As they say; follow the money. Think up all of the possibilities you can, then all of the sales pitches that they would have, then rate them. Whatever you would spend the most money on (if it's plausibly profitable) that is what will come.
salesman 1: With the new mechanical design system your not just designing geometry, your designing the whole machine. Wires, hoses even fiber optics are all in there. Just click 'connect' and 2 points and select elect., pnum, hydro. or fib.opt. and the color then the wire/hose/cable is modeled and a line is added the appropriate schematic. Revisions flow through instantly. ...
salesman 2: With our new training game system you'll be able to hirer younger cheaper designers and train them in half the time- automatically. Each lesson is posed as a game, over 200 in all. In tests a smart 6 year old was designing toys in a week. We paid him in animal crackers!!! think of the savings...
salesman 3: With our new patented auto-assistant AI, your designers will be twice as productive as ever. The system keeps them focused on their work and helps document the design at the same time. It asks them what they're doing and why and records every thing they do. Once it sees a pattern it starts to offer to do things for them. It has an undo feature in case it misunderstood. Eventually, only unusual work will be slow...
salesman 4: Our new resource control system will save you lots of money. It stores a list of all your drill bit sizes, taps mill heads etc. and grays out CAD choices that you don't have tooling for. An override feature lets the user force the selection- if there's no alternative. It also offers a library of your in stock components and materials to minimizes inventory overhead. And you'll like this: you can tag all of your uniquely sized scrape with numbers, enter their material and dimensions into the database and the system will tell you which numbered piece would be optimal for any part. Think of the savings....
Joe
Reply to
joe(usenews)
In my understanding , what you are talking about, is a case scenario where if you had , lets say as a design problem, the top cover of a flip-open type of a cell phone(thats the first thing infront of me now :-) ) , you would just define the overal abstract shape, and things such as locator protrusions, insets for the LCD Screen , fillets etc would be automaticlly created.
Possible and cost-effective for a system ( or a KBE Tool if you may) for a higly specific design problem with iterative/incremental design releases. But intractable for a generic one.
It would yet require a system that accepts "knowledge" as input, interprets it and commits the resultant computed geometric manifestation to the design.
For a "from the scratch" design, The holy grail perhaps would then be a complete and sufficient mapping of domain specific functions to function shapes / shape creation techniques along with domain specific relationship constraints between these function shapes -- This state being extant for multiple domains.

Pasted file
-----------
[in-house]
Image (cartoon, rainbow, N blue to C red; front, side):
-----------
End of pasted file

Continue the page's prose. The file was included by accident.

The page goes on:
We are also talking formalizations and knowledge encoding : which means the Knowledge Engineer would have to go to work creating a formalization and then a KBE tool for the specific domain. So if you had a rough template geometry and wanted automated detail design on this geometry, you would still have to specify functions at some level of granularity, and assume that the system would commit detail design features to the rough template automatically, know its location automatically and its dimensions deduced automatically, resolve the topological inconsistencies that may occur automatically ( a self-healing geometric feature introduction) and decide to make it consistent from a DFx Stand-point as well! I wonder if thats really on the horizon when one tries to look at it from a generic system point of view. There are a lot of CSP Problems that are intractable. Or we might get stochastic and try genetic design evolution. But still, thats good late night reading.
Ucal Berkley has a pilot Agent Based Web-based System called Cybercut. which seems to be close.
Wouldn't be long before the only employees of FORD would be members of the ford family with 5 buttons, one holo deck , a huge sales team , 3000 disgruntled employees, and one EXTREMELY happy Design Automation Analyst in a bomb-proof car. :-)
Anup
Reply to
Anup
A bright blue flame of rocket exhaust shot out of the back of the engine, which sailed noiselessly through space on its way to the outer planets. But Kyle, standing three meters away resting his chin on his fist, knew the engine would be going nowhere unless they could eliminate oscillations in the combustion chamber.
"I'm going to take off the cooling jacket," he called out to the room as he reached for the floating holographic display panel on his right and touched a translucent orange button. The cover disappeared from the life-sized, holographic engine floating in the middle of the room. Without looking at his instruments, Kyle could see that the flow wasn't as steady as it should be.
"Let's take it one layer deeper and look inside the combustor." Another touch on the floating panel split the engine in half, revealing red fuel rushing into the combustion chamber forward of the exhaust nozzle. The fuel ignited to blue in the combustion chamber and shot out the nozzle into the vacuum of holographic interplanetary space. But Kyle knew something wasn't right.
With the touch of another button, small yellow arrows, highlighting small fuel concentrations that formed droplets just past the fuel injectors, popped up inside the combustion chamber. That wasn't the problem. The droplet formation was normal, but the sweeping red ribbon-like waves bouncing from one combustion chamber wall to the other were not. The acoustic waves meant there was a resonance coming from somewhere. The waves grew in intensity until reaching a crescendo as they entered the rocket nozzle. Worst of all, at the peak intensity the hologram motion froze and the simulation automatically reset, meaning a real-life rocket would have just exploded. The engine looked like it was bleeding, and Kyle couldn't figure out how to stop it.